The graph above shows the match outcomes (home win, draw and away win) as a percentage of the total number of Premier League matches officiated by that ref. The graph is for every ref in the seasons from 2010/10 to 201o/15/16. That is 2,660 matches. I got the data from here.
The dashed lines show the home win, draw and away win percentages across the 2,660 match sample so you can compare each ref with the average across the time period.
The number in brackets after each ref’s name is the number of games tat they have refereed. I’d say that it’s only worth trying to draw firm conclusions from those refs who have refereed more than 50 matches as that gives enough data to smooth out any outliers.
Those refs near the top who have officiated at over 100 matches seem quite consistent in their results profile, apart from:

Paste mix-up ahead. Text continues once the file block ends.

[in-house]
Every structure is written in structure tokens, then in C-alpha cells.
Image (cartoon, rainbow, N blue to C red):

- A Taylor who seems to give significantly fewer home wins, and signficantly more away wins.
- L Mason who gives more away wins and fewer draws than average.
- N Swarbrick who appears to give a lot fewer home wins than average.
To really understand how significant these deviations are I’d need to do a standard deviation calculation weighted by the number of matches officiated at. But I didn’t have time for that.
I was also surprised to see that more matches end up as an away win than as a draw. I thought it would be the other way around.
Why have I done this? Mainly because I can to hone my Excel skills. Also, if you are prone to the odd wager on the football this is information that might help you.
An Excel nerd point: the use of the horizontal dot plot required some significant wrangling as Excel does not have this type of chart as an option. Look here for the instructions on how to do it.